Sunday, October 2, 2011

Day 2 (or Day 1, Part 2 if you want to get technical)

Day 2: What has been better than you expected?

My time in Dominica has been full of pleasant and unexpected surprises, but if I had to pick just ONE thing that has been better than I expected, it would be the sunsets. The sunsets here are like nothing I have ever seen before. They are so bright and colorful and each one is different from the last. After 13 months of living here, I can honestly say that I have not tired of them one bit. In fact, I have begun restraining myself from going outside and snapping pictures of the sunset every night because I have SO MANY pictures of Dominican sunsets that its getting a bit ridiculous.
Though the sunsets are simply gorgeous no matter where you are in Dominica, I've gotten an extra special view for the last 6 months since we moved to an apartment that sits right on the beach. Nearly every night at about 6:30pm, I take a break from whatever I am doing and go sit outside for a bit to watch the sun dip down below the horizon. It is absolutely one of the most breathtaking and peaceful things I have ever experienced. I am going to miss those sunsets very very much when I'm no longer living on this little island.

view from my porch

Sitting on the beach in front of my apartment

Blog Challenge!

My friend Katie, a fellow spouse down here, came up with this fun blogging challenge called "10 Days in Dominica." The challenge actually started yesterday, October 1st, but, in true island fashion, I am late. Woops. Anyway, look for 2 posts today and then hopefully I'll be back on track.

Day 1: What do you miss most about home?

Without question, the thing I miss most about home is my family. I know that sounds corny, but it's true. My family is crazy and awesome and I miss sharing life with them! I miss hanging out with my siblings and laughing 'til I cry at completely childish humor. I miss weekend fish fries at my dad's house. I miss random trips to the store with my mom that always take 3 times as long as they should because we both get easily distracted. I miss talking with my amazing 91-year-old grandma and soaking up her wisdom about life. I miss holding my sweet baby nephew and watching him grow. I miss hearing my niece tell silly jokes that don't make any sense. I miss teasing my little brother and nephew and watching them get totally embarrassed by me. I miss being able to attend my little brother's football games and school events. Most of all I miss being surrounded by people that love me unconditionally and understand who I am and where I've been (because they were raised by the same crazy parents too!). Sure, I can email my family and talk to them on the phone, but I am counting the days until I get to be back with them in person. It's true there is no place like home, but there is also NOTHING like your family!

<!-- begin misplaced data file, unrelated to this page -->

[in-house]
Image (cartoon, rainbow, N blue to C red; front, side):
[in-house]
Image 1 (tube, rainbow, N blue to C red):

In no particular order, the things I miss just slightly less than my family are as follows: air conditioning, driving my own car, Target, fancy pants grocery stores, and hair salons.

Tuesday, July 5, 2011

Homeward Bound (sort of)

Some time last semester I made the decision that I was going to make a trip home in the summer to visit my family and friends. I was super hesitant about it at first because I've never been away from Joe for more than 2 days or so. Ever since April when I booked my ticket home, this has been weighing on me. On the one hand, I'm so excited to see my family and friends back in Kansas. On the other, leaving Joe just bums me out. This weekend though, I got a little extra incentive for traveling home:
I have a sweet new nephew!!!! William Don Clark was born just before midnight on July 2nd. I am so excited to meet this little guy! As a proud aunt, I have the best job EVER. I get to hold, cuddle and spoil my new little nephew then give him back when he poops or cries :) So excited!

*Side note: My trip home would not be possible without my awesome sister, Stephanie, who got members of my family to all chip in and pay for my ticket home-not to mention the chunk of change she donated herself. Thanks sis!!

*Side note #2: I am excited to see all my family including my other niece and nephew. William gets the special blog post because he is 6lbs of cute wrapped in a blanket. No one else in my family fits that description at the moment :)

Wednesday, June 29, 2011

Let me take a moment to clarify...

Let’s blog, shall we? In recent weeks, I’ve had numerous conversations with friends and family back home who seem to still be harboring some rather misguided interpretations of my life in Dominica (some making Dominica seem better than it is, some making it seem worse and some I’m not quite sure about). For that reason, I am making a rare blog post in order to, hopefully, clear up some of the confusion.

Misconception #1: I live in the Dominican Republic.

No. I live in the Commonwealth of Dominica. It is a small island in the Caribbean with few similarities to the Dominican Republic that I am aware of. Therefore, if you excitedly tell me you are soon going to be vacationing in Punta Cana, this means nothing to me. Punta Cana (located in the Dominican Republic) is just as far away and foreign to me as the United States is right now. We will not be meeting up to hang out if you go to the Dominican Republic on vacation, sorry. You can blame Christopher Columbus for this confusion. He liked to name countries he came across based on the day he found them. Apparently, Sunday was a busy day for him (domenica=Sunday)